Gamers may get a charge out of the Gauss Rifle
By Ben Coxworth
September 4, 2012
Well, Patrick Priebe might have outdone himself with this one. In the past, the German cyberpunk weapons-maker has brought us such creations as a wrist-mounted mini-crossbow, a laser-sighted rotary-saw-blade-shooting crossbow, and a flame-throwing glove. His latest nasty futuristic device? A video game-inspired electromagnetic weapon, called the Gauss Rifle.
Priebe told us that he took his inspiration from the K-Volt weapon, featured in the game Crysis 2. While he liked the look of the game’s version of the gun in first-person view, he wasn’t as keen on how it looked when placed on the ground ... so, he made his own version.
The 400-volt semi-automatic Gauss Rifle is what’s known as a multistage coilgun. It shoots 5.7-mm steel ammunition, from a built-in 8-slug clip. Priebe did his best to explain to us non-weapons-makers just how that ammo is fired.
“You charge a capacitor (high voltage preferred), and discharge it through a coil made of copper wire,” he said. “You will get a short electromagnetic pulse, which pulls the slugs through the coil. My rifle holds four banks of capacitors and four coils ... at the entrance of the last three coils are contacts made of spring-wire, reaching into the barrel. When the projectile touches, the pulse discharges and the coil accelerates the projectile, pulling it through to the next coil.”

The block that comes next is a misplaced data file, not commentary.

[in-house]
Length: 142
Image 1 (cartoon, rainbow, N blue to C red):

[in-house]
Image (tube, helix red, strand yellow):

This results in the slugs leaving the muzzle at a claimed velocity of approximately 100 meters (328 feet) per second.
Power is provided by four 3.7-volt lithium-ion cells, which allow for about 30 to 50 shots per charge. Despite its relatively lightweight frame, the gun still weighs in at a hefty 3.2 kilograms (seven lbs) – given that most of that weight is held out in front of the user’s extended arm, carrying it could get tiring before too long. Indeed, should the user’s arm start to shake, the rifle also features a 30-milliwatt green aiming laser.
According to Patrick, the Gauss Rifle “clearly shows weapons potential.” Fortunately, he has no plans on developing it commercially, or on telling other people how to make one of their own.
You can see it in use, in the video below. Evidently, you would not want to be a watermelon in its presence.
Source: Laser Gadgets (Patrick Priebe)